There was a time I was at the matatu stage and I was feeling unwell. I just had two hundred shillings with me and there was no way I could go to the hospital with 200 bob. Also, I was supposed to be somewhere in town and that’s the same I needed for the fare. Nonetheless, I said I will tawakkal. I went to a nearby hospital in which the doctor has treated our family through out the years. So I walk in to the reception and she asks whether I had a card. The card was more than 4 months old and the hospital had a system where you had to renew the card every 3 months. So when I gave her the card, she was awed by how neat and new the card still looked and said, ‘Because you kept this very well, I won’t ask you to renew one now. You can go in and see the doctor.’ I go in and talk to the doctor for a while about my condition. At the end, I ask him how much it would cost. Remember, with me I just have two hundred shillings. Which doctor takes 200 shillings anymore?! The doctor looks at me and says, ‘You don’t have to pay anything. Take this prescription and buy the meds’. And that was it. I still got to go to both the hospital and my destination in town. Tell me, how is that even possible without Allah’s mercy? Coincidence? I bet not.

This doesn’t mean I am pious. Far from it. Nor does it mean I feel better than others, walyadhu billah. But I just wanted to show this example how Allah actually and truly gives you a way out when you have faith in Him.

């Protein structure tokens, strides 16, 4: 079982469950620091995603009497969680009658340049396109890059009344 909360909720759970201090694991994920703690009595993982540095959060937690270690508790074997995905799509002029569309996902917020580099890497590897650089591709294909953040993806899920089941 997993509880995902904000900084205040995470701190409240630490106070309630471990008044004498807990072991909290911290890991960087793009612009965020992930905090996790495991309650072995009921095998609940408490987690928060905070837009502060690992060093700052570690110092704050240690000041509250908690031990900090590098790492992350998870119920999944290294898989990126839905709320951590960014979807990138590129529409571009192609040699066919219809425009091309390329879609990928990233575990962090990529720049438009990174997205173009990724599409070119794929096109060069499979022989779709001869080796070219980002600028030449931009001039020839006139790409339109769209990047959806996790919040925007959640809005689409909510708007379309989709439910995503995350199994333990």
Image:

There is a lady who lacked anything in her house some years back. It was Ramadhan like it is now and she met her neighbour on the way. As we know our culture here in Mombasa, we’d ask, ‘Leo wapika nini futari?’ (what will you cook today for iftaar?’ The lady laughed and said, ‘Iftaar? I don’t even have the tiniest bit of salt let alone prepare any meal.’ Her neighbour immediately offered some little cash, but this lady knew that her neighbour was struggling just as she is. So she respectfully declined, thanked her and said, ‘God will bring a way’. She headed back home and upon opening the door, the entire seating room was filled with food items. The lady was shocked and asked her then jobless husband, ‘where did all this come from?’ The lady was a teacher and several parents of her students had brought her the food. The lady was so moved, she had to sit down to get a hold of herself. Tears were rolling down her eyes, awed by how good our Lord is.